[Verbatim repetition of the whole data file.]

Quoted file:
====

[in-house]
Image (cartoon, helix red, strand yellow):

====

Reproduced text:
[in-house]
Image (cartoon, helix red, strand yellow):